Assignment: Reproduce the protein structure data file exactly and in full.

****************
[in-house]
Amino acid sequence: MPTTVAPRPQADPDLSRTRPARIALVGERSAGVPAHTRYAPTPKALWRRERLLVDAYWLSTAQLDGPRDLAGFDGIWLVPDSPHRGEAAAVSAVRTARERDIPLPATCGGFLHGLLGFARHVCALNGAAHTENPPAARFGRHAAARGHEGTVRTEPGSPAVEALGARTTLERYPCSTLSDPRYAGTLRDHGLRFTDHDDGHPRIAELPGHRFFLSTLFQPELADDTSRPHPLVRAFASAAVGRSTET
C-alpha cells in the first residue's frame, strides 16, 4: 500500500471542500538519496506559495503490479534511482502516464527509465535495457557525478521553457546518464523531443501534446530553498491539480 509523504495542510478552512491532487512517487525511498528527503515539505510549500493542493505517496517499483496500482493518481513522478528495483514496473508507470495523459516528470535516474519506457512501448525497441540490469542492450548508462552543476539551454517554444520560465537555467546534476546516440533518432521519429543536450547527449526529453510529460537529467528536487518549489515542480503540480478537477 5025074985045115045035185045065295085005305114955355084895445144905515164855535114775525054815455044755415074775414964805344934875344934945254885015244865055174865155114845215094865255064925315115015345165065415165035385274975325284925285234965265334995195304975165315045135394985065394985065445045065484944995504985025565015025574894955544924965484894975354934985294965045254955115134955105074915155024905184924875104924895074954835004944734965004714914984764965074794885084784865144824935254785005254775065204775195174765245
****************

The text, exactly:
[in-house]
Amino acid sequence: MPTTVAPRPQADPDLSRTRPARIALVGERSAGVPAHTRYAPTPKALWRRERLLVDAYWLSTAQLDGPRDLAGFDGIWLVPDSPHRGEAAAVSAVRTARERDIPLPATCGGFLHGLLGFARHVCALNGAAHTENPPAARFGRHAAARGHEGTVRTEPGSPAVEALGARTTLERYPCSTLSDPRYAGTLRDHGLRFTDHDDGHPRIAELPGHRFFLSTLFQPELADDTSRPHPLVRAFASAAVGRSTET
C-alpha cells in the first residue's frame, strides 16, 4: 500500500471542500538519496506559495503490479534511482502516464527509465535495457557525478521553457546518464523531443501534446530553498491539480 509523504495542510478552512491532487512517487525511498528527503515539505510549500493542493505517496517499483496500482493518481513522478528495483514496473508507470495523459516528470535516474519506457512501448525497441540490469542492450548508462552543476539551454517554444520560465537555467546534476546516440533518432521519429543536450547527449526529453510529460537529467528536487518549489515542480503540480478537477 5025074985045115045035185045065295085005305114955355084895445144905515164855535114775525054815455044755415074775414964805344934875344934945254885015244865055174865155114845215094865255064925315115015345165065415165035385274975325284925285234965265334995195304975165315045135394985065394985065445045065484944995504985025565015025574894955544924965484894975354934985294965045254955115134955105074915155024905184924875104924895074954835004944734965004714914984764965074794885084784865144824935254785005254775065204775195174765245